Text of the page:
empty. At another dinner, the attendee from Singapore brought a bottle of
the legendary Australian red, Penfolds “Grange” to everyone’s delight. On
still another occasion, an overaged but prestigious California cabernet was
opened, tasted and found to be superb. Only minutes later, however, as the
main course was served, and the wine had “breathed” a bit, it was “gone”
and lifeless. The host hurriedly made a visit to his wine cellar to come up
with a suitable last-minute replacement.

Interesting vegetables such as turnips, Brussels sprouts, white asparagus,
parsnips, Italian squash, and golden beets, deliciously prepared and often
from the host’s garden, are served with the entree.

Following the entree, attendees each sign a copy of the printed menu for the
host’s archives, and fill out sheets which list a series of questions asking for
predictions for the coming year in politics, the stock market, sports, and
world affairs. At the same time, the predictions from the previous year are
passed around, with those who came closest to getting it right receiving the
plaudits of those who did not.

A salad course, made with organic lettuces, and with the chef’s own
dressing follows, and then small dishes filled  with fresh fruit sorbet
(usually from the legendary Minneapolis Cafe Crema where Sonny’s ice
creams and sorbets are made) are served as a palate refresher.

The most controversial course  of the evening then is presented, a  preserved
citron, a traditional English dish. Some of the Churchill attendees, however,
find this dish unpleasant, and for them the host offers assorted sweetmeats and
candied ginger as an alternative course. (This is the only part of the dinner
which resembles a culinary civil war, with the two sides good-naturedly
labeled “citronistas” and “anti-citronistas.”)

One attendee is an amateur baker, and each year he bakes and brings several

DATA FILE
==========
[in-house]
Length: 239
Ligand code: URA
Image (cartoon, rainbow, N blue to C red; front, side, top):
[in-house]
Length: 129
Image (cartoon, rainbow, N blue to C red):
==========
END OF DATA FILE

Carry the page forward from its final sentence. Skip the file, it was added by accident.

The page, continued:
“Arcata Churchill birthday loaves.” (One of these loaves has also been sliced
and served with the hors d’oeuvres earlier.)

A cheese course follows, and a strong English Colton & Bassett stilton is
served with a vintage port.

Espresso is then brewed and served from the host’s professional quality

Following this part of the dinner, and after group photographs are taken, each
of the diners makes his way to the host’s parlor, a large rectangular room with
a grand piano at one end. Above the fireplace on its mantel are arranged three
more sets of crystal glasses. One set is for the vintage French champagne that
is served with a blackberry cheesecake (baked and brought each year by one
of the attendees, a retired banker). On an oval table in the center of the room,
placed on a silver platter, is an assortment of locally-made B.T. McElrath’s
artisan chocolates (reputed to be the best of their kind, having won numerous
gold medals in New York). Next to them, on another platter, is a humidor with
ten  imported cigars. I am not at liberty to disclose the  country of origin of
these cigars, but they are always of the finest quality available as befits a
dinner in honor of Mr. Churchill, and come from nations known globally for
this product. The newest regular attendee, a former U.S. congressman, brings
the cigars, obtained during his international travels.

One year, when a prominent judge was a special guest at the dinner, he said,
on learning the origin of these cigars, “as the senior officer of the court
present, I order that this contraband be destroyed by fire!”  This faux (but
spoken with a straight face) “court” order was carried out, I can report, with
alacrity by those present later in the evening.

After dessert and champagne, VSOP cognac and armagnac are poured, and
the chocolates are passed around.

Also usually distributed at this time is an essay written  by one of the (more
provocative) guests that leads to a timely public policy discussion. As the
host reminds his guests each year, “This is an occasion when talking about
politics and religion is appropriate and encouraged.” It is a genuinely
“diverse” group containing liberals, conservatives, centrists, and a radical
or two, and the ensuing conversation, despite the late hour and sheer
quantity of spirits already consumed, is invariably quite lively, albeit
gentlemanly, and the contrasting points of view of the “brethren” are
openly revealed and robustly explored.

A special dessert wine, such as an eiswein, rare madeira or vintage
sauterne is then poured into the sole remaining empty glasses, and the
chocolates are passed around one more time.  A few years ago, an attendee
brought a bottle of a very extraordinary 1927 vintage oloroso sherry.

By two a.m., those who have the farthest to travel home, begin to take their
leave. All pass through the kitchen one more time for sumptuous leftovers
and parting thanks to the chef, and by two-thirty, Hughenden House, except
for the crackling of a few embers in the fireplace in the library, is as silent as
the winter night outside and as, thousands of miles away, the final resting
place of Winston Leonard Spencer Churchill.

Copyright (c) 2012 by Barry Casselman. All rights reserved.